Saturday, April 10, 2010

Trouble in Paradise: A Review of Ken Mercer's "Slow Fire"

Will Magowan is an ex-cop who left the L.A.P.D. under a cloud and in the wake of an enormous personal tragedy. He’s unemployed, estranged from his wife, and reduced to living in a broken-down Airstream trailer when he receives a letter, offering him a job as the Chief of Police in Haydenville, California. Will is perplexed by the offer, especially since he hadn’t even applied for the job. But he has no other prospects and so accepts the call.

Haydenville is situated in a majestic national forest in the northern part of the state. But on arriving there, Will finds that the once-idyllic town is in the grip of a virtual plague that has plunged the community into nothing short of a death spiral. He also quickly discovers that he has very few allies, other than Thomas, his rookie deputy, who has no formal training whatsoever. Nonetheless, Will decides to stick it out, hoping that by attempting to resolve the town’s problems, he might also find some measure of personal redemption.

Will is only briefly on the job when he’s called to the scene of an apparent accident. A young woman has been found dead near a river, lying next to her overturned kayak. Will is troubled by what he finds, and refuses to agree with the conclusion that the victim died by accident.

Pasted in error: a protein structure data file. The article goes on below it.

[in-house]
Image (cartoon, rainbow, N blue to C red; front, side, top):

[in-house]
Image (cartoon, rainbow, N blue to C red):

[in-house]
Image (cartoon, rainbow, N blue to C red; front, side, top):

Will fairly quickly discovers the source of the town’s difficulties and identifies his prime suspect. But in attempting to address the issue, he’s stymied at every turn. Even the mayor who hired him stubbornly refuses to cooperate and will not give any credence to Will’s well-founded suspicions.

The death of the young kayaker inaugurates a wave of horrific violence, and Magowan finds himself up against some genuinely creepy, malevolent and amoral villains. A lesser man would say the hell with it and leave Haydenville to the fate it probably deserves. But Will Magowan is not a lesser man. Against nearly insurmountable odds and in the face of grave danger to himself and the handful of people who support him, Will soldiers on, determined to redeem both himself and his newly adopted home town.